The brown alga Lobophora (Dictyotales, Phaeophyceae) is an important macroalga in the North-eastern Atlantic archipelagos (i.e., Macaronesia). Notably in the Canaries it can dominate benthic assemblages. While the genus has been the subject of several ecological studies in the Canaries, no study has yet been conducted to assess species-level diversity of Lobophora in Macaronesia. We reassessed the diversity of Lobophora in Macaronesia, reporting the presence of seven species (L. caboverdeana sp. nov., L. canariensis, L. dagamae sp. nov., L. delicata, L. dispersa, L. littlerorum, and L. schneideri). Lobophora spp. from Macaronesia are morphologically and ecologically distinguishable. In the Canaries, L. schneideri dominates the photophilic assemblages from the intertidal to 20-30 m depth. Lobophora dagamae sp. nov. grows in less illuminated shallow habitats, and replaces L. schneideri from 30 to ~80 m. Lobophora canariensis also has a wide vertical distribution, from the intertidal to deep waters, while L. delicata, L. dispersa and L. littlerorum grow in shallow waters. The dominance of species with an upright habit versus prostrate or crustose species may be mediated by the pressure of herbivores. Four species have an amphi-Atlantic distribution: L. littlerorum, L. canariensis, L. delicata, and L. schneideri. Lobophora schneideri and L. delicata are furthermore distributed in the Mediterranean Sea. By sampling a pivotal region in the Atlantic, this study significantly improves our knowledge of Lobophora biogeography in the Atlantic Ocean. Macaronesia constitutes a species-poor region for Lobophora where no diversification events occurred, and a region of overlap between the Greater Caribbean and the Indo-Pacific.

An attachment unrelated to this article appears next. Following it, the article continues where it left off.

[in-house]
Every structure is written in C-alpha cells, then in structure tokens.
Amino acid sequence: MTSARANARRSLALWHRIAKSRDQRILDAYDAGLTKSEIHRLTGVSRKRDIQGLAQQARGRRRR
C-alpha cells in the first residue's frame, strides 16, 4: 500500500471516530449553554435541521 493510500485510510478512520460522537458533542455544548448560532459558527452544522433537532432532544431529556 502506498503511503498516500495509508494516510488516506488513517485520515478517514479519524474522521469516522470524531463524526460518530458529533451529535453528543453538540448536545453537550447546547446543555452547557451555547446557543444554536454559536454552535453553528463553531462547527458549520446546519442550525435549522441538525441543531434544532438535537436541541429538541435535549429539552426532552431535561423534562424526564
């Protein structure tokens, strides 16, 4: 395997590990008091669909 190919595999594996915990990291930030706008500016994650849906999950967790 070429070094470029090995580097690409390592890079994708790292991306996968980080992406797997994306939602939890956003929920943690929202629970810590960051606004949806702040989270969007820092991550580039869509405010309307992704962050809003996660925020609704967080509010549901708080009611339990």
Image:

Keywords: Macaronesia; barcoding; cox3; molecular taxonomy; phylogeny.
© 2019 Phycological Society of America.